Fred Hagstrom’s ‘January 6’ artist’s book placed in Smithsonian American Art and Portrait Gallery Library

Hagstrom is Rae Schupack Nathan Professor of Art, emeritus at Carleton and created the artist’s book around the congressional testimony of four police officers who fought against the January 6, 2021 insurrection at the U.S. Capitol.

Erica Helgerud ’20 15 August 2023 Posted In:
Cloth cover of a book, screenprinted in black and white with an image of the U.S. capitol building and the words
"January 6"Photo:

The main element an artist needs to create a great artist’s book is a great text, according to Fred Hagstrom, Rae Schupack Nathan Professor of Art, emeritus—and after he heard the congressional testimony of four police officers who fought against the January 6, 2021 insurrection at the U.S. Capitol, he knew he had one.

Published by Strong Silent Type Press in 2021, Hagstrom’s “January 6” features excerpts from the powerful accounts of four police officers—Harry Dunn and Aquilino Gonell of the U.S. Capitol Police, and Michael Fanone and Daniel Hodges of the Washington, D.C. Metropolitan Police—given before the January 6 Committee on July 27, 2021. Iconic photographs taken on January 6 accompany every excerpt, courtesy of the Getty archive.

Hagstrom was particularly moved by Gonell’s testimony, so when he completed his 22-edition run of his artist’s book, he sent a copy to the officer. After receiving it, Gonell asked Hagstrom to send personal copies to the other three officers and had the idea to gather all of them together to sign an additional copy to send back to Hagstrom. Realizing how special that particular piece of art had become, Hagstrom knew he “wanted the signed copy to go to a significant collection.” His art dealers came through, and it was purchased by the Smithsonian to be placed in its American Art and Portrait Gallery Library in Washington, D.C.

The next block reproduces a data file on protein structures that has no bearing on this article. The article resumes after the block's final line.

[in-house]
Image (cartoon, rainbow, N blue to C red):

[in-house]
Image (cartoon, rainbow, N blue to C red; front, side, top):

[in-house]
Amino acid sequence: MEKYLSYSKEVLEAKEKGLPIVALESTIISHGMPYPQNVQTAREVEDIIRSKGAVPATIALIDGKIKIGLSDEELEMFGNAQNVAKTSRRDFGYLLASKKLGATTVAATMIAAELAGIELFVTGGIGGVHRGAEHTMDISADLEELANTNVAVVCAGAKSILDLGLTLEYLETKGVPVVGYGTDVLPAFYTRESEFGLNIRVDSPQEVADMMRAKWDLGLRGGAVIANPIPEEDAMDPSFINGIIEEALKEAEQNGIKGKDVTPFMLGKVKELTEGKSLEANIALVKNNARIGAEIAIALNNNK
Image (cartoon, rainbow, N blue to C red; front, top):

The artist's book "January 6," opened to page three.
From “January 6”

Hagstrom and Gonell became pen pals of a sort through the creation of the artist’s book, which Hagstrom found “particularly rewarding,” since it’s unusual to have such a personal relationship with the people interacting with his art. Although, even when he doesn’t have that experience, he still sees his art as a form of personal connection.

“I look at these books like they’re a kind of intimacy across space and time,” Hagstrom said. “Somebody I don’t know has got one of my books open somewhere and they’re paying attention to things that I found or said or made. I don’t know that it’s happening in the moment, because they’re like messages in bottles, right? But it is happening, and I really like that.”

Hagstrom came to Carleton in 1984 primarily to teach printmaking, and artist’s books are an extension of that art form for him. For those without much experience in printmaking, Hagstrom suggests thinking about making an artist’s book as analogous to making a movie, because it’s an extended process of telling someone’s story.

“The rhythm of the book, which is the interplay between text and image, is really important,” Hagstrom said, “but just as important is the cover, because that is your entrance to the book. Then when you first open it, there’s the glue-in page, which clues you into the ideas of the book before you even start reading… I recently gave a talk at the University of Tennessee, and I was telling the students that some artists can do really potent political stuff in a single image. I can’t do that very well; I think it comes off as cliche. But if I have an extended form, like a book, especially if I can use people’s words, then I think I can do something that has a little more depth.”

The artist's book "January 6," opened to page four.
From “January 6”

Hagstrom’s “January 6” certainly has that depth. He quotes the officers directly as they make clear how much they endured during that day, and after. They also make the point that people should be held accountable for having prompted or participated in the events.

“Despite being outnumbered, we did our job,” one piece of testimony reads. “Every member of the House of Representatives, Senator, and staff member made it home safely. Sadly, as a result of that day, we lost officers—some really good officers. We are not asking for medals or even recognition. We simply want accountability and justice. For most people, January 6 happened for a few hours that day. But for those of us who were in the thick of it, it has not ended.”